@READ EBOOK ò Bit of a Blur Õ eBook or E-pub free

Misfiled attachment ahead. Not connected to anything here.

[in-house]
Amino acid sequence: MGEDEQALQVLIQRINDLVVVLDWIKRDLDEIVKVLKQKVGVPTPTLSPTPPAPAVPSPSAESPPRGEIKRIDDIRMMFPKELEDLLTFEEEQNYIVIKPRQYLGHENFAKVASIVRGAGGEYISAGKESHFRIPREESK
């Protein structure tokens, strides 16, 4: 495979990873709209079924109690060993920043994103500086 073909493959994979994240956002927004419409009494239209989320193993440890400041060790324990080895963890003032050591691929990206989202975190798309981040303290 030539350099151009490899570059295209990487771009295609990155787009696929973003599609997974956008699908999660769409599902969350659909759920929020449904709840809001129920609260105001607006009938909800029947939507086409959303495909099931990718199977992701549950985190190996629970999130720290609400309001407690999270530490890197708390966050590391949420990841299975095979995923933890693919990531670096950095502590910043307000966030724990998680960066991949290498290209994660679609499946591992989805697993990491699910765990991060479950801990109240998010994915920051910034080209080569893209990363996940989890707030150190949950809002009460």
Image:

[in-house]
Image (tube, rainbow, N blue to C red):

I LOVE HIM That s my review. The fact is, I liked Blur a lot before I read this book The problem isn t so much that it is badly written it s not it is about how it made me feel as a reader We usually read these type of books to gain an insight into the artist not to have our faces rubbed in their wealth Alex James chooses to largely gloss over the Blur stuff I ve often suspected the band was driven by Albarn and Coxon anyway and instead continually boasts about the life of luxury that he has led Popular musicians can also become very wealthy, I get that, and I love a rock and roll excess story as much as the next guy but in this case, it is page after page of namedropping of famous friends, exclusive clubs for the wealthy, luxury hotels, even a toe curling section on his love and knowledge of vintage champagne spoiler alert most people reading this book could never afford it , the buying of aeroplanes and so on and so on It can become irksome and, worse still for the reader boring My hope now is that as my memory of the book fades, my love of Blur will gradually return as I put my faith in the other three who haven t written books yet. @READ EBOOK ⛅ Bit of a Blur ⚢ I Was The Fool King Of Soho And The Number One Slag In The Groucho Club, The Second Drunkest Member Of The World S Drunkest Band This Was No Disaster, Though It Was A Dream Coming True For Alex James, Music Had Always Been A Door To A Eventful Life But As Bass Player Of Blur One Of The Most Successful British Bands Of All Time His Journey Was Exciting And Extreme Than He Could Ever Have Predicted In Bit Of A Blur He Chronicles His Journey From A Slug Infested Flat In Camberwell To A World Of Screaming Fans And Private Jets And His Eventual Search To Find Meaning And Happiness And, Perhaps Most Importantly, The Perfect Cheese , In An Increasingly Surreal World Efternin drinkin it does ye in but ye cannae fuckin beat it Francis Begbie in Porno by Irvine WelshEfternin drinkin, as it happens, is the reason I bought this book see previous review And the principal reason my memory of the first few chapters is a wee bit hazy I have the feeling a young Alex James would have approved though.I went to university with the express purpose of meeting a boy who looked like Alex James floppy dark fringe, cheekbones to slice cheese ooh, James would probably approve of that metaphor too obviously my 17 year old crush is still alive and well and a big, cushiony pair of lips I don t know where all the Alex James lookalikes were in 1994 Glasgow, probably the place I d escaped from but they certainly weren t in Aberdeen Not even any Jonny Greenwoods like a serious and intense older brother of James Small aside the rare pictures of Greenwood smiling, and James not, are far attractive than their far familiar brooding stare and imbecilic grin, respectively The closest I met was James, one of the guys who lived in the university flat downstairs from us, who used to play the bassline from Girls Boys ad infinitum Sadly, neither his looks nor his bass playing skills came close to those of his famous namesake I used to play the tape of Parklife louder just to drown him out.This book zips along at an entertaining pace and, although blatantly self centred, is refreshingly free of either the I m so not worthy false modesty or whiny my incredible talent is sooo overshadowed by my fame extremes commonly found in autobiographies He accepts things for what they are and does his best to wring every last piece of enjoyment out of them, just to soak it all up again He does admit that other people suffered because of this attitude, but it doesn t seem to trouble his conscience too much Which probably makes him a prize tosser But does make for a fun read. EXCELLENT rock bio.Alex s writing style reminds me of Anthony Bourdain He s a great storyteller and you can hear his voice while reading his words.I really enjoyed how the stories were very short it felt like having a long conversation with a friend about many things, rather than a stuffy, overly researched history of events.The stories about Blur s first North American tour, about Alex s love life and about meeting other celebrities like Damian Hurst were especially entertaining.I would recommend this whether you re a fan of Blur or not, as it doesn t go too deep into the music The stories are just so well written that I could not imagine anyone not enjoying this This was actually a lot nicer than expected mainly because I didn t know Alex James is such a good writer I would give it 3 and a half stars if I could It s obviously recommended to those who like liked Blur, but it s a nice book in its own right It gives you insight on Britain in the 90s, and since I spent a lot of my 90s there it was clearly interesting for me I have the impression I would have found Alex James a terribly annoying character if I met him a ffew years ago his 2.0 version of himself as a Cheesemaker and a dad seems a lot friendlier On the whole, it s a light, entertaining book that you will read in a few days I also agree with some other readers here who write it s a book brimming with optimism, wonder for what the world can offer and gratitude and awareness of being a lucky person I actually underlined lots of passages I agree with I think I found these qualities most refreshing, especially at a time like now Lovely read oh, and now even than before I need to go to a dune desert. I adored this book, but then I am one of the biggest Blur fans to grace the planet That aside this is a very good book It s entertaining, action packed and witty Yes it s fairly shallow, but it s a lot of fun I Always enjoy hearing about that transition that all successful bands seem to make from living in grotty flats and drinking all the time to touring the world drinking all the time For a musician Alex James is a great writer with a very clever turn of phrase. I reading a Rolling Stone article listing the 25 best rock memoirs and this book was on the list so I checked it out from the library I m not a Blur fan though I did really like that Boys Girls song when it came out I just felt it would be interesting to read about this time period in music I ve read a lot of rock memoirs but realized most of the British ones I ve read are acts from the 60s 70s Alex James is my age so it seemed like a good idea to get this book Well, I must say it started out horribly I had no idea what he was talking about don t know about many towns in England and what their reps are, don t know about British tv, magazines, stores etc He seemed to be randomly bringing up people that he rode the school bus with, neighbors, friends of friends etc with no rhyme or reason Also, his writing style and tone were so twee pretentious yet simple minded, like he d been dropped on the head as a baby It was like a parody of Hemingway I went to the store The store was big My neighbor Fred was there Fred has a sister who walks with a limp etc I started to wonder about who wrote that Rolling Stone list.However, I am very glad I persevered with the book I think at the beginning Alex was attempting to write like he was a naive child teen Gradually the tone style of the writing changed he seemed less idiotic Also, I think I got used to his voice Similar to when I read Patti Smith s memoir at the beginning of her book she seemed so arty farty pretentious but then I started to like her way of looking at things Same with Alex.The memoir is less about the band and about Alex If I was a big Blur fan, this memoir would have made me angry He does not go into a great amount of detail about anything in regards to the band The fact that the guitarist left the band acrimoniously was totally glossed over Thank goodness for Google I had to keep looking up things that Alex would barely mention in order to understand what the heck was going on He wrote a bit about recording the albums writing the songs but not much As for the parts about the tour, it was all anecdotes about partying sex with random women He does explain this lack of detail about the machinations of how the band worked by saying he felt his job was to be a wild rock star wild rock stars do not concern themselves with things like contracts and schedules.He certainly was good at the wild rock star bit He was a hopeless drunk for years and years Also did cocaine He talks less about coke than he does booze but it is apparent when you read between the lines how much coke he had to have been doing Booze coke go together like peanut butter jelly He would go on multiple day benders with no sleep You can t do that on booze alone I was quite impressed with this story of a 4 day bender in NYC He flew there from London with nothing but his passport wallet No suitcase, no hotel reservation He just floated from crazy situation to crazy situation, losing his shoes in the process He has lots of stories like that.His social circle was surprising to me In most rock memoirs I have read, the rock star hangs out with roadies, security guys, strippers, porn stars, groupies, drug dealers etc Of course, they also hang out with other famous people too but usually other musicians Alex James was part of the posh jet set The type of people who have their photo in Tatler A lot of them I had to google since they were famous in the UK and Europe than here He drank at private clubs 5 star hotels mansions castles He palled about with artists politicians writers scientists aristocrats supermodels billionaire businessmen Nary a porn star mentioned.Even though he spent a dozen years being flaky loaded, Alex manages to land on his feet Suddenly he decides to stop drinking and get a personal trainer and get his shit together Why Who knows Alex is not terribly introspective in the book doesn t reveal many personal things He breaks up with his long suffering girlfriend immediately jumps into a new relationship with a woman he promptly marries has babies with Hooo boy, I bet his ex girlfriend had many drunken conversations with her girlfriends trying to figure that out I stick with him for years while he is constantly high cheating on me As soon as he gets sober he dumps me marries this other woman moves to an estate in the Cotswolds has babies Oh boy I feel bad for her He buys the aforementioned estate in the Cotswolds, becomes a country gentleman who makes artisan cheeses has 5 kids Happily ever after I m not sure what audience this memoir is directed to There aren t a lot of details about Blur And most people aren t odd like me read random musician s memoirs Yet it is a good memoir Maybe if you just go into it as reading a non famous person s memoir, you ll be pleasantly surprised. So.Much.Fun.I can t remember when a book last left me with such a sense of undiluted joy Alex James is clearly one of those people who is extroverted, optimistic, spontaneous and naturally lucky, and the tone of the book is infectious He has enthusiasm and curiosity about pretty much everywhere he goes and everything he does, whilst seeing his 1990s excesses through older, wiser eyes it s lovely to find such positivity combined with self awareness and intelligence It seems that he rarely did stuff or hung out with people because it was supposed to be cool he unwittingly stumbled across them and genuinely really liked them This is friendly, funny and often aphoristic writing and it s really nice to see someone uncynically making the most of life, whether it s debauchery or geeking out over science Heck, I probably don t know enough optimists I will definitely be looking out for his newspaper and magazine columns in future and I ll bet this isn t the last time I ll read Bit of a Blur As one of the cover quotes says, this book is excellent company It can make you feel inspired to go to somewhere new, or finally throw yourself into some unusual interest you ve pondered But the slightly dazed simplicity of expression and tangential wit probably the effects of years of booze and drugs and the sense of looking back on a younger, wilder past, meant that the book also felt like it was on the right wavelength when I read the first few chapters earlier this year when quite ill, dizzy and without the energy for any projects.Of course, one of the other reasons the book seems quite so magical is that Blur were the band of my teens This is life on the other side of the stories in NME and Melody Maker, inside the London Britpop scene where we dreamed of hanging out and the middle chapters are chock full with references that sent a shiver down my spine. Alex James reckons bass players in bands are cool, most of the bass players I ve ever even noticed on stage have hidden behind everyone else Although Alex James seemingly set out to be the coolest bass player rock roll has ever known he goes on to prove with a brilliant anecdote about the bass player from Coldplay the competition hasn t been that strong.From the opening lines I was impressed with his ability to write, weaving together a series of interesting and entertaining anecdotes with an infectious enthusiasm, granted if you can t have enthusiasm for your subject when you re writing about yourself you may as well give up writing altogether, but James is erudite and witty and incredibly frank about his occasionally abhorrent behaviour I was enamoured from the start and James and obviously a great editor didn t let me down, becoming, by quite some margin, my favourite autobiography biography that I ve ever picked up.Blur came to my attention at that most impressionable time in my life, I was eleven and my favourite family member, who I thought was infinitely cool, was talking about how amazing this band called Blur were and he played me one of their songs As soon as I had saved up enough pocket money I went straight out and bought their album on cassette Yeah it was that long ago, I hadn t even heard of CD And for the next twenty years if anybody asked me to name my favourite bands Blur would be in there no matter how my tastes changed over time Blur, Pulp, Britpop in general, they have a special place in my heart So when I recently got back in to the band, revisiting my youth in some ways, this book was always going to get read however it is not one of those biographies that only reward people already familiar with the subject, so rarely does it touch on the ins and outs of Blur as a band, instead focussing on the human experience of somebody catapulted from reading French at Goldsmith s to international superstardom via the artistic medium of music.Alex James, whilst being a drunken rockstar celebrity was, and still is, in the shadow of his much famous frontman and frontmen in general Albarn, Cocker and The Gallagher s could never have written this book, they may well write fascinating autobiographies in time but Bit of a Blur is the work of somebody who was allowed to live in the shadow, even slightly, and it is far interesting because of it At no point are you left with the impression that the author is concerned about their legacy, immortality, rectifying perceived sleights, politics, muckraking and scandal, it is simply the memories of how he became famous and how he reacted to his dreams coming true.The infectious and casual nature of the prose leaves you feeling like you re tagging along on one of his many, many nights of debauchery with his famous and not so famous friends, to the point that you worry when you put the book down that you ll miss some crazy antic whilst you re away Now THAT is impressive storytelling that 99% of fiction authors could do with learning Whilst at the same time he skips ALL of the boring bits that bog down most biographies without getting caught in the trap of going in to explicit detail about EVERY LAST THING that ever happened to him, cramming pre record deal Seymour in to two chapters thankfully and spending a mere 200 pages on the following 20 years of his life The title is apt and not just a clever play on the name of his most famous music project.I recently saw the Blur documentary No Distance Left To Run and in it Graham Coxon credited this book as being the major catalyst behind the band putting their differences behind them and getting back together A reward much greater than being named book of the year by NME or being reprinted four times within a year of being published.